And thus the idea that within the duty of marriage and its act there is an entire female self whose whole will has been contracted away, such a contract granting absolute permanent right to her body thereafter. Because how can you forcefully take what is already your own? Part of this is the idea that a woman’s virginity belongs not to herself but to her future husband, that the sexual interactions she will experience during her life are predominantly male-oriented, male-centered, that it is about the desires and duties of other people and other idea-entities rather than those of the woman self, that it is not only possible but expected that she gives up her bodily autonomy to another, that it is possible and right that a woman give up absolute ownership of her body.
And she worries, she worries about me traveling to another city and staying with an old, trusted friend.
“Why can’t you stay in a hotel?”
She knows all of the reasons, financial, personal–she asks anyway.
“What if he–you know–expects things because you’re staying?”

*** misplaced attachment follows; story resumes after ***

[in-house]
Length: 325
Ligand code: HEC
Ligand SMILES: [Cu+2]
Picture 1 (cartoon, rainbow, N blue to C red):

“Why would he do that? What has one to do with the other?”
Her answer is a mantra; the same answer for all of these questions: You have no husband. This is how men are.
And this is it; because I’m unmarried (unclaimed? unprotected? unowned?) then any platonic relationship I have with a man where he does anything kind or cooperative for me must entail some sort of expectation of sex–a woman’s friendship, companionship, conversation, friendship is not enough, apparently unworthy in its own right–and I have no reasonable grounds to refuse without being a hypocrite.
“Why? Why don’t you have sex with any man who looks at you on the street? Why? I don’t understand the difference?”